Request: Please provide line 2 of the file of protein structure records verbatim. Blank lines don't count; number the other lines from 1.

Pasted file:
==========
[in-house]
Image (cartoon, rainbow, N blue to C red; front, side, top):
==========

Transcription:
Image (cartoon, rainbow, N blue to C red; front, side, top):